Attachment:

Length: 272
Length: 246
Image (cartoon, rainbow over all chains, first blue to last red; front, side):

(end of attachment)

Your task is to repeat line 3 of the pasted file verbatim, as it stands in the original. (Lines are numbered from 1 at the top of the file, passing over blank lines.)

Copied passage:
Image (cartoon, rainbow over all chains, first blue to last red; front, side):